Cape Point is in the Cape of Good Hope Nature Reserve within Table Mountain National Park, which forms part of the Cape Floral Region, a World Heritage Site. It includes the majestic Table Mountain chain, which stretches from Signal Hill to Cape Point, and the coastlines of the Cape Peninsula. This narrow stretch of land, dotted with beautiful valleys, bays and beaches, contains a mix of extraordinarily diverse and unique fauna and flora. The Cape Peninsula (around 470 sq km) has 2285 flowering plant species. Table Mountain National Park alone has 1470 of these. Mountain fynbos dominates the park. It’s characterised by four main groups: protea shrubs with large leaves (proteoids), fine-leaved shrubs (ericoids), wiry, reed-like plants (restioids) and bulbous herbs (geophytes). Table Mountain National Park includes the Cape of Good Hope and Cape Point. Although the Cape of Good Hope Nature Reserve (or Cape Point as it is colloquially called) occupies only 16% of the area of the Cape Peninsula as given by Adamson & Salter (1950), the flora of Cape Point comprises 41% of the flora of the whole Peninsula. This illustrates the fact that many of the habitats and plant communities of the Peninsula are represented at Cape Point. Cape Point is the windiest place in South Africa and experiences only 2% of all hours in the year with calm conditions. I also want to mention that all of the following photographs were taken in October, in the middle of spring in the Southern Hemisphere.
Fynbos appears unimpressive from a distance. It is treeless, scrubby and brown – ‘fine bush’ in the sense of thin, straggly and not very productive. It is a heathland – resembling similar environments in Europe, Australia and South America growing in nutrient-deficient soil under tough climatic conditions. Fine bush indeed, but on closer inspection fynbos reveals itself to be a mesmerising mosaic of plants bursting with flowers every month of the year. Proteas are the most famous plants in fynbos but it’s the restios – the Cape Reeds – that define its presence. Other familiar names found in fynbos are heathers, irises, daisies and orchids as well as members of the citrus, pea and carrot families. Two biological juggernauts collide in fynbos. Firstly, there is a stupendous number of plants species present. Europe, for example, has 20 different types of heather; the fynbos – covering an area the size of Portugal – has 652. And secondly, so many fynbos plants – around 70% – are completely unique to the region. “Every bit of fynbos you can see today has been repeatedly burned to the ground over tens of thousands of years. It covers the mountains because of fire. How so? Go back in time four or five million years and the Cape landscape was covered in thick, dripping forest. Two million years ago the climate dried up and fire was introduced to these hot, windy mountains. In the face of flames, trees retreated to fireproof ravines such as Table Mountain’s Skeleton Gorge. In their place came fynbos plants, many of which had been biding their time since the dinosaurs and were quick to adapt to the new regime: fire, wind, sun, few nutrients and little water.”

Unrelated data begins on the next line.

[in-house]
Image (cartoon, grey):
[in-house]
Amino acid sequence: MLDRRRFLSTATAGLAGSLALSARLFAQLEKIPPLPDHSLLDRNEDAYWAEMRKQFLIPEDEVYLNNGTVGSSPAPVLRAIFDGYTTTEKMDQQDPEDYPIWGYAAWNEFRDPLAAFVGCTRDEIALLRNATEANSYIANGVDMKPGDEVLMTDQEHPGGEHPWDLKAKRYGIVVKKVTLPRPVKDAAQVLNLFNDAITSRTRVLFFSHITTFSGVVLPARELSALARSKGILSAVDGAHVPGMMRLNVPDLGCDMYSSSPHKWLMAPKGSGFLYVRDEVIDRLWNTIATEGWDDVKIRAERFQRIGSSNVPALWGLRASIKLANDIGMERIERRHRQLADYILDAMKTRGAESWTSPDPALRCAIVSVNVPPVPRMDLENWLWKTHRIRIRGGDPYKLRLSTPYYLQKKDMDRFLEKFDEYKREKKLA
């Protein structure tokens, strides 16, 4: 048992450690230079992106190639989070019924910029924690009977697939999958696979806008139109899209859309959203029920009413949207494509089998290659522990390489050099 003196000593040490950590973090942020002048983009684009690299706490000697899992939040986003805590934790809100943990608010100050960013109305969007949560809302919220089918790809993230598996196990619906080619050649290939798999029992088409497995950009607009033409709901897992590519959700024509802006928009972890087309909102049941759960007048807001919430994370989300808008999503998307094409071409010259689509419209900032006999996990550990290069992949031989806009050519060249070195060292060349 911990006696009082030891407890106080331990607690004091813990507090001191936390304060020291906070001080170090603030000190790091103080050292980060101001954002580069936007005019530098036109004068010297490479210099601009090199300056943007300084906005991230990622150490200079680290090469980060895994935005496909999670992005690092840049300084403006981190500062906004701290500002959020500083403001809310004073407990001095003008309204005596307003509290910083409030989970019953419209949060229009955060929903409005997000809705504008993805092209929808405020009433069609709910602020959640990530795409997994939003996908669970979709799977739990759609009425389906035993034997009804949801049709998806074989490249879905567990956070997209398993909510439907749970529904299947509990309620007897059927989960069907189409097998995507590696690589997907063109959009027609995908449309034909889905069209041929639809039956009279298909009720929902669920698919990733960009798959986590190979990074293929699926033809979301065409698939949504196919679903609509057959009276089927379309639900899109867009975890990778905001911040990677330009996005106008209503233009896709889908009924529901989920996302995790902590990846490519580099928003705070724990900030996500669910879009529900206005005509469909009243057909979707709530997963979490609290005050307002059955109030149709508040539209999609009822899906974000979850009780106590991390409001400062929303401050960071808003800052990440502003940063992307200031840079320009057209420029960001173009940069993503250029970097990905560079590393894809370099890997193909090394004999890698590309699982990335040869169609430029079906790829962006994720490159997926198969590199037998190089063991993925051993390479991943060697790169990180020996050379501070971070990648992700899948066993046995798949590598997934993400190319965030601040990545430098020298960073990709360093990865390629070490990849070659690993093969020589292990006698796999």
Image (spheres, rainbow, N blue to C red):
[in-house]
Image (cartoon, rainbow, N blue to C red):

Shepherd’s Tree (Boscia albitrunca) Is a protected tree in South Africa. The species epithet “albitrunca” refers to the oftentimes white trunk. Traditionally, the shepherd tree was used by Dutch settlers, “boers”, to create a variant of coffee that is derived from the roots of the tree. It is an evergreen tree native to southern and tropical Africa, living in the hot, dry, and often brackish low-lying areas, sometimes on abundant lime or occasionally found in rocky terrain. It is a common tree of the Kalahari, bushveld and lowveld. It is one of the most important forage trees in the Kalahari. It is the most common of the eight species in its genus and is usually found in the drier parts of southern Africa. It is often called the Tree of Life as it offers sustenance to both humans and animals. Trees are uncommon on the Cape Peninsula, probably due to the wind and dry conditions. The exception was Hout Bay, Houtbaai in Africaans, meaning “Wood Bay”. Van Riebeeck described the forest of Hout Bay as being the finest in the world. It was Van Riebeeck who gave Hout Bay its present name. In 1652 on 22 November Van Riebeeck wrote in his journal about T’ Houtbaaitjen. Since then it has been known as Hout Bay.